Monday, March 27, 2023  |



Philly prospect Branden Pizarro matured quickly from rough upbringing

Photo by Samad Haq

When he steps inside the ring this Saturday, it will be exactly one day short of a year since Brendan Pizarro’s last pro fight. The 23-year-old’s ring absence wasn’t due to an injury or promotional issues, but rather a desire to enjoy life a little and handle business outside the ring.

Boxing is his Plan A, but Pizarro is already setting himself up for life after the final bell.

“People always say that my money could last me forever, just for the simple fact that I always put all my fight purses away and grind,” said Pizarro, who owns and manages six residential properties around the Philadelphia area.

“I always knew before I turned pro that I wanted to buy property and invest, I saved up my money to buy one and then I started using the bank’s money and I just continued buying.”

Pizarro (17-1-1, 10 knockouts) will get a chance to bank away future investment funds when he faces Paulo Cesar Galdino (12-6, 8 KOs) at the 2300 Arena in his hometown of Philadelphia in an eight-round junior welterweight bout.

For Pizarro, looking forward is easier when you come from the past he experienced.

Pizarro, the middle of five children, grew up under difficult circumstances in North Philadelphia. At the age of 9, his father, Angel, was brutally mugged while cashing his check from his construction job. The injuries left Angel Pizarro hospitalized and unable to work, causing them to lose their home and move into a one bedroom apartment. There were times when even the basics like food were hard to come by, but the hunger in Pizarro’s belly translated to a hunger to succeed.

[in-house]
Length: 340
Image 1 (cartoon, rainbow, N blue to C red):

“I had a tough upbringing. We went through the struggle, especially since my father had an injury. Him making ends meet, he always was there as a provider so it always motivated me to continue fighting and think about turning pro and have my own funds to allow us to have a life,” said Pizarro.

Angel Pizarro, himself an amateur boxer growing up in Puerto Rico, always found ways to send his son to national tournaments, and he estimates that he had about 60 amateur fights. Among his highlights were winning the Ringside World Championships five years in Missouri five years in a row, and defeating 2020 U.S. Olympian Delante “Tiger” Johnson in the final to win the 2016 U.S. Youth Open Tournament in Dallas.

Ryan Garcia was among the other future prospects he faced in the amateurs, having dropped a decision to him in the Junior Olympic National Championships in 2014.

“I probably had about 14 fights when I first fought Ryan Garcia. People were saying. ‘You know who you’re fighting tonight?’ But I’m gonna be honest, I grew up in the toughest neighborhoods in Philly so fighting someone with a name never really put fear in me and I always rise to every occasion,” remembers Pizarro.

When amateur boxing rules looked headed towards removing headgear for bigger tournaments, the Pizzaros figured that they might as well turn professional and get paid to take big punches.